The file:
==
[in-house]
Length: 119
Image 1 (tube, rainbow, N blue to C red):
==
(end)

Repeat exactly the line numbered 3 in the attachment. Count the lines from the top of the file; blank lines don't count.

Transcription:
Image 1 (tube, rainbow, N blue to C red):